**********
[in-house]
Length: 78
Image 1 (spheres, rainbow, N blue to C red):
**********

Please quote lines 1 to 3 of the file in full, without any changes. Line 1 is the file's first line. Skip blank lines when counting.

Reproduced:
[in-house]
Length: 78
Image 1 (spheres, rainbow, N blue to C red):